Am Dienstag, 6. Mai 2008 22:40 schrieb patrik osgnach:
> Brent Yorgey ha scritto:
> > On Tue, May 6, 2008 at 8:20 AM, patrik osgnach <patrik.osgnach@xxxxxxxxx>
> > wrote:
> >> Hi. I'm learning haskell but i'm stuck on a generic tree folding
> >> exercise. i must write a function of this type
> >> treefoldr::(Eq a,Show a)=>(a->b->c)->c->(c->b->b)->b->Tree a->c
> >> Tree has type
> >> data (Eq a,Show a)=>Tree a=Void | Node a [Tree a] deriving (Eq,Show)
> >> as an example treefoldr (:)  (++)  (Node '+' [Node '*' [Node 'x' ,
> >> Node 'y' ], Node 'z' ])
> >> must return "+âxyz"
> >> any help?
> >> (sorry for my bad english)
> > Having a (Tree a) parameter, where Tree is defined as an algebraic data
> > type, also immediately suggests that you should do some pattern-matching
> > to break treefoldr down into cases:
> > treefoldr f y g z Void = ?
> > treefoldr f y g z (Node x t) = ?
> > -Brent
> so far i have tried
> treefoldr f x g y Void = x
Yes, nothing else could be done.
> treefoldr f x g y (Node a ) = f a y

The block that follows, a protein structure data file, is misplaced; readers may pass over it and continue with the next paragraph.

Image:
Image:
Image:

Not bad. But actually there's no need to treat nodes with and without children
treefoldr f x g y (Node v ts)
should have type c, and it should use v. We have
f :: a -> b -> c
x :: c
g :: c -> b -> b
y :: b
v :: a.
The only thing which produces a value of type c using a value of type a is f,
so we must have
treefoldr f x g y (Node v ts) = f v someExpressionUsing'ts'
someExpressionUsing'ts' :: b.
The only thing we have which produces a value of type b is g, so
someExpressionUsing'ts' must ultimately be
g something somethingElse.
Now take a look at the code and type of foldr, that might give you the idea.
> treefoldr f x g y (Node a (t:ts)) = treefoldr f x g (g (treefoldr f x g
> y t) y) (Node a ts)
> but it is incorrect. i can't figure out how to build the recursive call
> thanks for the answer
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